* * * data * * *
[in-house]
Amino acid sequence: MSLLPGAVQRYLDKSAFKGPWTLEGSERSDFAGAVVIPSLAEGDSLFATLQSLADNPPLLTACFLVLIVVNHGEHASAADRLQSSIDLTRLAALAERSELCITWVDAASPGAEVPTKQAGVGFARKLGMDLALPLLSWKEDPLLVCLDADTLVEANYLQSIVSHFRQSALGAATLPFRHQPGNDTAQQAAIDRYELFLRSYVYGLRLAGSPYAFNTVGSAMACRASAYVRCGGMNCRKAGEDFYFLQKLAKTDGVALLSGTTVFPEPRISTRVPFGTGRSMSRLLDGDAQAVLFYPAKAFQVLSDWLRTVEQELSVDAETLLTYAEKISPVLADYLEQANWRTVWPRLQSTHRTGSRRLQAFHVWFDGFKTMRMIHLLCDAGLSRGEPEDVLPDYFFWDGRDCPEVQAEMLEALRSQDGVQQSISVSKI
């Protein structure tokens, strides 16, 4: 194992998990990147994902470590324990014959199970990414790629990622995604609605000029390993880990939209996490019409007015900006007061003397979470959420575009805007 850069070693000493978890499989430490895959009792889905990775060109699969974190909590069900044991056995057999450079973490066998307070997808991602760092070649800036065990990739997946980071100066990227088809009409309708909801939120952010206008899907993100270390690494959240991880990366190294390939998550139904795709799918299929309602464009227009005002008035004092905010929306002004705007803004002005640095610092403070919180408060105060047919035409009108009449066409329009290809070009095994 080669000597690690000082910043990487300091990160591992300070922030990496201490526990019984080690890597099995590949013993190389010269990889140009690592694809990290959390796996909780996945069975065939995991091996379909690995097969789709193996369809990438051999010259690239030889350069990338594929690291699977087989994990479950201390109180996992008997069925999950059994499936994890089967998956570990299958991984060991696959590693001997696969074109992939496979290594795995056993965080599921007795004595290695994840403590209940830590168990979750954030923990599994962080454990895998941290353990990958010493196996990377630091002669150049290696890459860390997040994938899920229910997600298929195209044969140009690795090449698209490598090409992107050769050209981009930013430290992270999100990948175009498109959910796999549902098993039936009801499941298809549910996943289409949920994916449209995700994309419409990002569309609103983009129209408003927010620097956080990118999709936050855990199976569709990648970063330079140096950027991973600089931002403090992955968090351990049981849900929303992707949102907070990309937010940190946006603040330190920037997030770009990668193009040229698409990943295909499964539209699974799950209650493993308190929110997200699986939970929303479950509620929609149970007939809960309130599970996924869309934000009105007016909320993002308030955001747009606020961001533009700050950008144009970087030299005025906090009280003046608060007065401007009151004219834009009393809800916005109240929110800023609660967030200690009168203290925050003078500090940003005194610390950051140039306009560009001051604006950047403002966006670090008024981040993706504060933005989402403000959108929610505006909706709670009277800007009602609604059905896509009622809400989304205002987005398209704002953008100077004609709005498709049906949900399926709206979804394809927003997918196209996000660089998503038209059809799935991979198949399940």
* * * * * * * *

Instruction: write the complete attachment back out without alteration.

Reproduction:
[in-house]
Amino acid sequence: MSLLPGAVQRYLDKSAFKGPWTLEGSERSDFAGAVVIPSLAEGDSLFATLQSLADNPPLLTACFLVLIVVNHGEHASAADRLQSSIDLTRLAALAERSELCITWVDAASPGAEVPTKQAGVGFARKLGMDLALPLLSWKEDPLLVCLDADTLVEANYLQSIVSHFRQSALGAATLPFRHQPGNDTAQQAAIDRYELFLRSYVYGLRLAGSPYAFNTVGSAMACRASAYVRCGGMNCRKAGEDFYFLQKLAKTDGVALLSGTTVFPEPRISTRVPFGTGRSMSRLLDGDAQAVLFYPAKAFQVLSDWLRTVEQELSVDAETLLTYAEKISPVLADYLEQANWRTVWPRLQSTHRTGSRRLQAFHVWFDGFKTMRMIHLLCDAGLSRGEPEDVLPDYFFWDGRDCPEVQAEMLEALRSQDGVQQSISVSKI
């Protein structure tokens, strides 16, 4: 194992998990990147994902470590324990014959199970990414790629990622995604609605000029390993880990939209996490019409007015900006007061003397979470959420575009805007 850069070693000493978890499989430490895959009792889905990775060109699969974190909590069900044991056995057999450079973490066998307070997808991602760092070649800036065990990739997946980071100066990227088809009409309708909801939120952010206008899907993100270390690494959240991880990366190294390939998550139904795709799918299929309602464009227009005002008035004092905010929306002004705007803004002005640095610092403070919180408060105060047919035409009108009449066409329009290809070009095994 080669000597690690000082910043990487300091990160591992300070922030990496201490526990019984080690890597099995590949013993190389010269990889140009690592694809990290959390796996909780996945069975065939995991091996379909690995097969789709193996369809990438051999010259690239030889350069990338594929690291699977087989994990479950201390109180996992008997069925999950059994499936994890089967998956570990299958991984060991696959590693001997696969074109992939496979290594795995056993965080599921007795004595290695994840403590209940830590168990979750954030923990599994962080454990895998941290353990990958010493196996990377630091002669150049290696890459860390997040994938899920229910997600298929195209044969140009690795090449698209490598090409992107050769050209981009930013430290992270999100990948175009498109959910796999549902098993039936009801499941298809549910996943289409949920994916449209995700994309419409990002569309609103983009129209408003927010620097956080990118999709936050855990199976569709990648970063330079140096950027991973600089931002403090992955968090351990049981849900929303992707949102907070990309937010940190946006603040330190920037997030770009990668193009040229698409990943295909499964539209699974799950209650493993308190929110997200699986939970929303479950509620929609149970007939809960309130599970996924869309934000009105007016909320993002308030955001747009606020961001533009700050950008144009970087030299005025906090009280003046608060007065401007009151004219834009009393809800916005109240929110800023609660967030200690009168203290925050003078500090940003005194610390950051140039306009560009001051604006950047403002966006670090008024981040993706504060933005989402403000959108929610505006909706709670009277800007009602609604059905896509009622809400989304205002987005398209704002953008100077004609709005498709049906949900399926709206979804394809927003997918196209996000660089998503038209059809799935991979198949399940």